The visit comes weeks after Kim Jong-un’s uncle Jang Sung-taek was executed.
Dennis Rodman is heading to North Korea for a five-day visit
Speaking to reporters in Beijing before heading to North Korea, Dennis Rodman said politics had “nothing to do with [him]”.
“I’m just going over there to do a basketball game and have some fun,” he told Reuters news agency.
Organizers of the trip say that Dennis Rodman will also arrange a friendship basketball match between North Korea and a group of former NBA players on January 8, to mark Kim Jong-un’s birthday.
Dennis Rodman remains the most high-profile American to meet Kim Jong-un since the leader took over after his father died in 2011.
He said that he spent time with Kim Jong-un and his wife Ri Sol-ju during his last visit in September, and said Kim had a baby daughter called Ju-ae.
US State Department spokeswoman Marie Harf said on Tuesday: “Dennis Rodman is not a representative of the US government in his trip to North Korea.”
“We need to focus on what’s really important here when it comes to North Korea… the brutality of the North Korean regime he’s going to meet.”
American citizen Kenneth Bae (known in North Korea as Pae Jun-ho) is detained in North Korea after being arrested in November 2012. He was sentenced to 15 years’ hard labor in May.
Dennis Rodman previously rejected calls to lobby for Kenneth Bae’s release.
“That’s not my job to ask about Kenneth Bae,” Dennis Rodman told reporters after his September visit.
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North Korea is commemorating its leader Kim Jong-il, two years after his death in 2011.
Images from Pyongyang showed ranks of thousands of officials at a ceremony to commemorate Kim Jong-il.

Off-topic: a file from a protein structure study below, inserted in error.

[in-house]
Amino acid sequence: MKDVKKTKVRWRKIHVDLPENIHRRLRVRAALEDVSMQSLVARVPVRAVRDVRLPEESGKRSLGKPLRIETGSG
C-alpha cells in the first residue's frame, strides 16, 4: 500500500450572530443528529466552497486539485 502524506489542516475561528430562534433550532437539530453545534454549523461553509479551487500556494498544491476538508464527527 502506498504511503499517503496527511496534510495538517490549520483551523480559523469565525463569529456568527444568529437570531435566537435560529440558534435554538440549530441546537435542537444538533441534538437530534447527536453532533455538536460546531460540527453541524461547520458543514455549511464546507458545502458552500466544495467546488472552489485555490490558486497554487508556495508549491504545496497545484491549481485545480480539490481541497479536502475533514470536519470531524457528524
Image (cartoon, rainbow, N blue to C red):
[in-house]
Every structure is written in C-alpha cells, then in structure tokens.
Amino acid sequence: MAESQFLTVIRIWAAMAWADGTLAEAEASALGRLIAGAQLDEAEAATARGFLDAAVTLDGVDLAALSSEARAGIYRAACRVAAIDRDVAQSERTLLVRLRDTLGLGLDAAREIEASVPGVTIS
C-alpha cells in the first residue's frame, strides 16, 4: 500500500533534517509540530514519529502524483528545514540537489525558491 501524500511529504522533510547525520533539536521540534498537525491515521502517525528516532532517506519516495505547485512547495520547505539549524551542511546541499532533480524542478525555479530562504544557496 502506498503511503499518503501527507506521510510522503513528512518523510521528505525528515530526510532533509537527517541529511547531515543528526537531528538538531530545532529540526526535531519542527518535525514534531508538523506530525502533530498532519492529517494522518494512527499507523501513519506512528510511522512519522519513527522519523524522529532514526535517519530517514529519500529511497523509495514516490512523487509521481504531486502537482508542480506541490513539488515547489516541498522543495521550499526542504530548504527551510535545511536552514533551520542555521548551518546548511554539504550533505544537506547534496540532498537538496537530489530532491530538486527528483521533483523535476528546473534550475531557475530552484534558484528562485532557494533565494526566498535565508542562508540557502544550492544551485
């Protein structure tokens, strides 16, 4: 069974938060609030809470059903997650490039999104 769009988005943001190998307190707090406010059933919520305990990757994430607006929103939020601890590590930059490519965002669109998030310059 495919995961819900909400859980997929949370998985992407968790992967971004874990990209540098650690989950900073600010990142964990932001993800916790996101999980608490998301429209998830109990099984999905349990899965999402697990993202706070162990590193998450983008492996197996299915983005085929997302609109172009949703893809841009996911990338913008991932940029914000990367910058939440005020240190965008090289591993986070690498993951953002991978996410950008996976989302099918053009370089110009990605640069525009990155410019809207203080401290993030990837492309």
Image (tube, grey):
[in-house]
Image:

His son, Kim Jong-un, inherited the leadership after his death in 2011.
Last week he presided over the execution of Jang Sung-taek, his uncle and a powerful figure seen by outside observers as his mentor.
Jang Sung-taek was accused of multiple crimes, state media said, including forming a power base and attempting to overthrow the state.
On Monday, UN Secretary-General Ban Kim-moon described his execution as “very dramatic and surprising”.
North Korea is commemorating its leader Kim Jong-il, two years after his death in 2011
He urged regional nations “while they must be vigilantly and carefully watching the development of situation, not to take any premature actions”.
Residents laid flowers at monuments to both Kim Jong-il and his father, Kim Il-sung, North Korea’s first leader.
Kim Jong-il, who ruled North Korea for almost two decades, died on December 17, 2011.
On Tuesday, his third son and chosen successor, Kim Jong-un, attended a ceremony to remember his father.
Kim Jong-un sat on the podium flanked by North Korea’s ceremonial head of state, Kim Yong-nam, and the head of the army.
“All our people and soldiers have struggled and achieved victory for the past two years by holding our great leader [Kim Jong-il] in high esteem,” Kim Yong-nam said in his speech.
On Monday thousands of North Korean soldiers lined up in front of the state mausoleum to pledge their allegiance to Kim Jong-un.
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South Korea’s President Park Geun-hye has convened a meeting of security officials after the shock execution of North Korean leader Kim Jong-un’s uncle, Jang Sung-taek.